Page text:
But you can't create a separate product page and URL for each color because that's duplicate content, and duplicate content is the worst of sins, right? That's what I thought until I started testing it - and it turned everything my momma ever told me about duplicate content on its head.
(If your momma never had "the talk" with you - you know, *content reproduction,* we recently did a duplicate content post that included a PG13 explanation. I made sure this post was completely different so nobody mistakes it for duplicate content).
Yes, Virginia There Is A Santa Claus...And You Can Optimize Product Pages for Color
Here's an example:
Jessica Bennett Shoes sells its product through its own e-store and various retailers like Amazon, Zappos and ShoeBuy. One of its styles is called “Harli.” It's made from burlap and comes in navy, beige and brown.
Shoebuy.com has 3 indexed product pages for Harli – one for each color.
Each page has an identical meta description, and according to Webconfs' Similar Page Checker, these pages are 100% identical.
But Shoebuy not only owns top spot for each color, Google's also throwing in some indented result love. When you search for “jessica bennett harli navy” (at time of writing and from my data center):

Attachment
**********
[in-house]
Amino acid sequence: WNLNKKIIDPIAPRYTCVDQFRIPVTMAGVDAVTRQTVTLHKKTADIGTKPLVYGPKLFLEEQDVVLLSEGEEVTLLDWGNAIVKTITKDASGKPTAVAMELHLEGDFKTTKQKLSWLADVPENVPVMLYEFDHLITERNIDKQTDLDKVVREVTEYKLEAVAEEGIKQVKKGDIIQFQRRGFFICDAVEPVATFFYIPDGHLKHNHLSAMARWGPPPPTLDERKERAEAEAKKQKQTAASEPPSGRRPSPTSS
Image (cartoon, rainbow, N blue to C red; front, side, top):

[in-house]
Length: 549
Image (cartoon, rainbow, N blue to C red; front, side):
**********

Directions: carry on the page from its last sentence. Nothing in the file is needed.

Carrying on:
Top ranking... and for "jessica bennett harli brown":
"jessica bennet harli beige":
The only differentiators between the 3 color pages are the URLs (just numbers, no keywords) and the title tag. I've scoped out other sites that use different pages for different colors and they all seem to rank fine when color is included in the search query. The technique seems to be create color-specific pages in addition to one main product page (hence, indented results). Since all pages are indexed, the color pages are selected to appear when someone searches for the color, with the non-color, main product page potentially appearing as an indented, second result.
This leads me to believe that as long as your color pages are getting indexed, you don't need to worry about duplicate content smackdown.